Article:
The Adhesive-to-Substrate Matrix

As the economy continues to recover, so too does the optimism in many business sectors across the country—including signage.

The last few years have been difficult for many companies, and those that have made it through these uncertain times have had to make some changes in the way they operate.

The idea of doing business as usual has changed and the need to rethink everything from business operations to the products that are being used on a daily basis has become the new reality.

And this is not necessarily a bad thing.

The Plan

During a trip to Missouri last fall, I met with Bill Baker, president of Park Place Sign Systems in Hannibal, to discuss some of the changes he has been implementing in his shop. Park Place has been around since 1980 and manufactures and supplies interior and exterior sign products for many fields.

“One of the things we’ve found in our business is that we cannot recover time. We always have the ability to acquire more work and generate revenue, but time is something we cannot recover,” said Baker. “Like many other companies, we try to do more with the same size staff.

“We cannot recoup the time and expense associated with correcting problems during production or after the product ships. Our customers are expecting quicker delivery—even on custom projects.”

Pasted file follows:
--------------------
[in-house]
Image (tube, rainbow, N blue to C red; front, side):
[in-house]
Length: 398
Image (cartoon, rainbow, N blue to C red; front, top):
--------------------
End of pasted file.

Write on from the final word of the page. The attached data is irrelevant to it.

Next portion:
Baker and his team started looking at reasons why some jobs were taking too long to produce. They also accessed the causes for certain failures in the field (most of which had to do with variable environments and dissimilar substrates).

A detailed analysis of his company’s manufacturing processes, materials, and staffing were necessary to improve efficiency in production and the durability of Park Place products. “We quickly realized that some of the products that we were using in the field were not the best or proper products for the situation,” says Baker.

Baker uses adhesives as an example. “We had chosen some of the adhesives we used for various reasons over the years—whether it was recommendations from various manufacturers, experimentation on our part, or decisions based on material cost,” he says. “We still lacked confidence in the performance of some of the adhesives we were using.”

Baker reached out to all his vendors and analyzed his products to make sure he was using the right tools for the job. Costs aside, performance became the main concern, as reducing production time and increasing throughput was the ultimate goal.

During my meeting with Baker, we discussed bonding NovAcryl Series Photopolymer to different back plates. Photopolymer can have a PETG base or an aluminum base that potentially gets adhered to a second substrate (such as acrylic, polycarbonate, ABS, etc.) before being mounted to a wall. This combination creates many challenges—especially when you consider that the mounting environment can be interior or exterior.

The adhesive mounting conversation led into a real-life scenario. Park Place had recently completed a sign package for a sports stadium that included exterior wayfinding signage, and they were having issues with the plastic faceplate separating from the aluminum bases that were adhered to the wall.

The SolutionAdhesive_Organizing_3772